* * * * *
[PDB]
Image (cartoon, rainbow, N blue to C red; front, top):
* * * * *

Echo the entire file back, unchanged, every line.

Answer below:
[PDB]
Image (cartoon, rainbow, N blue to C red; front, top):